1. Thank you for reading and commenting. 🙂 It’s awesome that you finally found something that makes you happy. I delivered newspapers in high school, so I can definitely understand the appeal. 🙂

  2. This article really made me feel better–I’m still searching for the “right” career but have been so weighed down because I’ve felt like I wasted so much time and messed up any future possibilities. Thank you for this insight and hope for a better path that’s still hopefully out there.

  3. I have beaten myself up for my career choice. I felt so guilty for being away from my kids , distracted and stressed and it seems it was all for nothing. I was a really good landscape designer. My clients loved my work, but I was unhappy. I hated the assholes I worked for. None of them cared about the clients. The stress,long hours, no spring/ summer fun. I left two yrs ago and still can’t figure out what to do with myself. I was very passionate about my work. Now I’m not passionate about anything. I don’t want to go back, but I miss the passion.

    1. I’m really into interior design, so I can totally see the draw of landscape design. Too bad the assholes ruined it for you. Assholes suck. I hope you can find a way to add the passion back in.

  4. I have been on and read many sites..I’ve never commented on any of them, though some were really good. I have to say, your site, hands down, has been my favorite. Thank you for sharing all this info. My dream is to leave my stressful job, work from home doing something..anything lol! My dream is to blog about issues just like the ones i’ve read on your site today. I also love photography. Your site has been such an inspiration to me today. Thank you so much for being an inspiration.

    1. Hi Heather, thank you SO much for your kind words. Blogging is one of the best things that ever happened to me, so I highly recommend it. 🙂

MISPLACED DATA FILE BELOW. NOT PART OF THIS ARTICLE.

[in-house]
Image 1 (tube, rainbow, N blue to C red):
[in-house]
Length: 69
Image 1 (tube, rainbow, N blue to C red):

1. Hi Kathy, sorry to hear you are feeling depressed. I know from my own experience that moving can be a huge shock to the system.

  5. Anni,
    You are an amazing writer! I stumbled across your site in my constant search for self-improving articles to conquer anxiety, worry, regret and fear. I love how you bluntly get to the point. Boy did I need this article today as I have continually struggled with my own poor life choices in the last 12 years since my husband and I at the time separated and subsequently divorced. My mind has beaten me up on a daily basis over my poor choices since my divorce and whether or not to finally write that letter to my ex apologizing for how my behavior and decisions hurt and confused him. I’ve withdrawn that gesture on days he doesn’t live up to what I feel our boys deserve from their father. But it’s time to write it and FINALLY let go of my regrets, the hurt and focus on what is to come and not what was.

    1. Hi Mary, thank you so much for the kind words and for sharing your story. It sounds like you are about to make a major breakthrough!

  6. Anni
    First of all your article is amazing just wanted to put it there. Yes i suffer from everything you wrote about ,as for myself i was married for 25years and my ex-wife yes we had our good times and bad but i was never appreciated or it was wrong i can gi on and on.I come to understand that i as a man can move on but its really hard. Just wanted you to know that. I work in helping people in need mostly Veterans, but it comes for me to asked for help thats the hard part all i know is how to help other people, im starting to ramble on just wanted to thank you for yiur insight.